Post-Baby Belly Bulge – Diastasis Recti or Abdominal Fat?

Do I have torn abdominal muscles (Diastasis Recti) or just a bit of excess tummy fat?

We’re never quite prepared for what pregnancy, childbirth and breastfeeding can do to our bodies. Whilst some people seem to ‘bounce back’ almost effortlessly, the more common scenario most of us face is a very different body shape after pregnancy and breastfeeding. Whilst most of us are programmed to think that tummy bulges mean we need to hit the gym or go on a diet, this may not always be the case. In actual fact, the changes our bodies endure as a result of pregnancy cannot all be remedied by exercise alone; because torn abdominal muscles or excess skin folds cannot be exercised away.

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What could be the cause of my excess tummy fat?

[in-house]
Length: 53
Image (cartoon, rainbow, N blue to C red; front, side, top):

Can that bulging tummy or ‘muffin top’ that lingers after childbirth actually be something else? Something that only surgery can fix? Find out if you have torn abs and whether or not a Tummy Tuck procedure to correct your abdominal muscles help.

Can my post-baby tummy bulges be remedied through exercise and nutrition alone? This depends on a number of factors, including:

  • your lifestyle
  • your genetics and body frame
  • how much weight you gained or lost
  • your skin strength
  • the size of the baby or babies you delivered
  • the size of your baby or babies at birth
  • how many times you have given birth

Commonly, excess tummy fat or skin folds are actually a result of damage to your abdominal muscles during pregnancy or childbirth. Having more than one child or a large baby can increase your chance of abdominal muscle damage (known as diastasis recti), although any woman can experience it.